All of this is browser based search of course. And there are hundreds of millions of mobile queries coming through apps that almost nobody is tracking right now.

Yet Google is overwhelmingly the leader in mobile search share and associated revenue, far exceeding even its dominant position on the PC. In mobile display Google is also the revenue leader in the US, according to IDC — followed by Apple (with iAD) and then Millennial Media.

Too Much Success?

If IDC’s handset sales projections come true Google will continue to enjoy near-total dominance of browser-based mobile search ad revenue, which will run into the billions by 2015. (Google also enjoys search dominance on the iPhone as well.) Its ownership of AdMob will also give it a potentially dominant position in global display advertising on Android devices — though this is less assured.

At this point Android’s success has wildly exceeded Google’s most optimistic scenarios. In fact it’s so successful that Android is likely to become a target of regulatory and antitrust scrutiny at some point in the next couple of years.

Want to read more about The Mobile Web in general or Local Mobile Marketing in particular? Go here to our homepage: The Mobile Web is Made For Small Business.

62% Say They Have Bought Physical Goods On Mobile Devices

Is Mobile Shopping Just For Virtual Products?

The belief is, that just like you can’t give a person a haircut over the telephone, certain types of product is best sold in person. Face to face. Is that really the case?

Adobe Scene7 examined mobile shopping trends over the last 12 months and found that times are changing rapidly. It may do you well to pay attention, especially if you’re not a big believer in technology. Here’s the article excerpt, click the link below to read the entire article.

Adobe owns and markets the popular graphics design software platform, Photoshop.

Posted By Dan Butcher On February 14, 2011 @ 5:00 am,

A majority of the respondents to an Adobe survey – 62 percent – said that they have bought physical goods from their smartphone devices in the last six months.

The greatest number of respondents – 45 percent – spent $249 or less over the last 12 months. By comparison, the average annual online spend per shopper in 2010 is estimated at $1,139, per Adobe. Of those who have purchased from their mobile devices, a majority report spending more than an hour a week mobile shopping, on both mobile Web sites and downloadable applications.

Read more

Still think this ‘Mobile Marketing’ Thing is a fad?

2011 To Become The Year Of The Smartphone?

We saw many mobile advances in 2010, but from all indications, 2011 seem to be the year to watch. The marriage between the iPhone 4 and Verizon earlier this year was one such indication. Another key indicator was Ebay’s announcement that mobile sales amounted to close to 36% of their overall income.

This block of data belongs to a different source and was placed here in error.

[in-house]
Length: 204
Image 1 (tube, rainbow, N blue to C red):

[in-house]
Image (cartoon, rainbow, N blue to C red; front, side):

Look out for many more revelations in the near future.

Posted: 26 Jan 2011 01:41 PM PST

Article credit:

Mobile Marketing 2011 To Become The Year Of The Smartphone?While 2011 has unofficially been branded many things, such as the “year of the tablet,” there’s also reason to believe that 2011 will also become the “year of the smartphone.”

When Verizon Wireless announced its Q4 earnings earlier this week it said that only 26% of its 94 million subscribers are smartphone users.  Interestingly though, 75% of contract subscribers are buying smartphones, meaning overall smartphone penetration is set to grow dramatically at Verizon this year — especially with the introduction of the iPhone 4 with attractive unlimited data plans.

The same shift happening at Verizon is happening at the other big three operators as well.  In total, more than 75% of Q4 2010 postpaid net subscriber additions purchased smartphones.  According to Nielsen, 28% of US mobile subscribers had smartphones as of November 2010, with that number rising to 35% by the start of 2011.  By the end of this year, smartphone adoption is projected to hit the all-important 50% threshold in the US, equally roughly 150-160 million mobile subscribers.

Mobile Marketing 2011 To Become The Year Of The Smartphone?

Though smartphone penetration has been building for several years now, it’s still relatively small in looking at the big picture.  All signs are pointing to 2011 becoming the year smartphone adoption hits critical mass, resulting in a true “year of the smartphone.”

For more articles like this or to view the article in its original setting visit 2011 Smartphone.